• Further medical evidence and review of updated records would not assist. The issue was not whether the claimant was ill or continued to have some problems but whether he had been fundamentally dishonest in relation to the pleaded claim. Costs of full quantification to the parties and in terms of call upon the court's resources would be both unnecessary and disproportionate, in breach of the overriding objective.

The judge therefore:

  • Found that the claimant had been fundamentally dishonest, rejecting a submission that his presentation had been exaggerated rather than faked.

  • Rejected the submissions that dismissing the whole of the claim would cause substantial injustice

She dismissed the entirety of the claim and then went on to assess the value of the "honest" part of the claim in accordance with s.57(4) at £5,750. In so doing she roundly rejected and criticised the claimant's hopeful submission that she was unable to do this because the schedule was not particularised.


  • Presented with such overwhelming evidence as to disparity between the claimant's presentation to experts and his actual capabilities as shown on surveillance, it is unsurprising that the court was persuaded to make a finding of fundamental dishonesty in this claim.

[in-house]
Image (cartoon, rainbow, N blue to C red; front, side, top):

• What is clear from the judgment is that s.57 only requires there to have been a determination of an entitlement to damages (i.e. as a result of liability having been determined) for the court to then be able to consider a fundamental dishonesty application. The claimant's attempt to argue that further medical evidence was required before the issue could be determined (no doubt in the hope of finding an alternative explanation for the claimant's presentation), was rejected because, by that time, the question was not whether the claimant was unwell or had ongoing problems, but whether his presentation was inconsistent with his pleaded claim to the point that he can be said to be fundamentally dishonest. Further evidence would not have altered the approach to that question, and would simply add time and costs to the claim unnecessarily.